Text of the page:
So, after debating how I could possibly write about our recent trip to Ethiopia to visit with our kids’ birth family and then to Rome for gelato-fueled sight-seeing, I decided to do a small series of excerpts from my journal. 
After a long plane ride, a long stint getting traveler’s visas, a long wait in customs, then baggage check and x-ray; after waiting in line at the money exchange, finding our ride and the trip to the guesthouse (whew!) we all dropped off into drooling slumber for a good four hours. I only barely managed to shake the kids awake, in an attempt to get us used to the time change.
Besso, Tigi and Miki have already made friends, of course and are begging to be allowed to play soccer in the streets.  It might be just what they need as they’ve all struggled with bouts of feeling totally overwhelmed. Completely understandable. Addis Ababa is a crazy city, with the same manic energy as a gold rush town: lawless and chaotic driving, barbed wire gates around each house, teeming sidewalks, apartment buildings being flung into the air everywhere you turn, tin shanty towns next to ritzy hotels and absolutely medieval sanitation in spots.  Everything is completely foreign and the kids are holding up well, considering. I have a feeling it would be easier them to take it all in if they were out of the capital, where the pace is a little less frenetic.

A rough night all around. Chalk it up to jet lag and culture shock– the four youngest kids burst into our room at 6:00AM gibbering all at once that they couldn’t sleep, that they were afraid, that they thought we should leave for Italy this very minute, that they hoped their brother wasn’t blind (had an unfortunate collision on the street near a center for the blind yesterday) and that they missed their friends and their beds.

Miss Teen Wonder, no surprise, was sleeping like a baby. I swear, it’s like she has a super power.

Halleluia! A full night’s sleep, finally! I think we all deserved it after the past few days.

Tuesday was a big sightseeing/errand day; buying gifts for the family, sights around Addis, the National Museum and an ill-fated attempt to locate the Beza Entoto Jewelery workshop. Rats.

So peaceful from up here.

Yesterday was the family visit. It was raining quite hard in the morning when we left–really the only substantial rain of our trip thus far. We had a four hour drive to get to their family. On the way we stopped to pick up their uncle and were delighted to find that he had brought the kids’ sixteen year old brother with him.

Oh, my heart.

Their brother is beautiful. He is smart and affectionate and kind, he has a tiny mustache and enough English that it was easy for him to reconnect with his siblings. He has a habit of starting his sentences with the phrase “And by the way…” which is utterly charming. He plans on being either a famous football (soccer) player or a scientist. From the moment he got on the bus, he held, petted and kissed his little sisters and brother. Unfortunately, he also seems to suffer from extreme carsickness, and was sick most of the way. His little sisters clucked and fussed over him the entire time.

We arrived in the town, pausing for a brief minute to pick up a government official who would be accompanying us on our visit. Once at the hotel it took just a few minutes for the family to arrive,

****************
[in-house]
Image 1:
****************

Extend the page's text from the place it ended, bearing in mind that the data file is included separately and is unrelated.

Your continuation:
When their mom came through the door, she went weak and her legs went out beneath her. At the same time she was absolutely ferocious in her need to hold the kids, to get to them as quickly as possible. She cried and seemed to nearly crush them in her embrace, though she couldn’t have been more than five feet tall. She kissed Kirk, she kissed me, she called for Miki and pulled him onto her lap as if he were still the infant he had been, all those years ago.

There were kisses with grandmother, uncles and aunts. Many pictures and many more tears.

Their mom is slight, a singer, emotional and loves to have her picture taken. She has a spark and a gregariousness that Tigist embodies exactly. Besso seems to take after the more solemn and watchful side of the family, perhaps her grandmother, who is stately and commanding…no small feat for someone who couldn’t be more than 4’10”.  Miki’s inquisitive mind is similar, I think, to his brother’s. They are a beautiful family.

It’s such a bittersweet blessing, to be allowed this visit.  There is no way to experience the joy of being reunited without feeling the moments ticking away. This is a situation run through with sadness and compromise. In a perfect world, they would never have been forced to separate; Besso, Tigist and Miki would have been their children only, and never ours. Our guide in this keeps asking me what I want to know from the family, and I can not quite get across to him that we are not here to have our questions answered.  I want to know what it is that I can give to them.  Do they want to know about their friends, their school, what their favorite Christmas present was last year?  Do they want to hear about their first slumber party or Tigi’s cut-throat skill playing cards? We have been given a precious gift in these kids and I only wish I had something to offer in return.

The Rise & Fall of a Momocracy

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